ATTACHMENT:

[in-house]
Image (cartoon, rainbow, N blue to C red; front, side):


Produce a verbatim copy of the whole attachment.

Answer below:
[in-house]
Image (cartoon, rainbow, N blue to C red; front, side):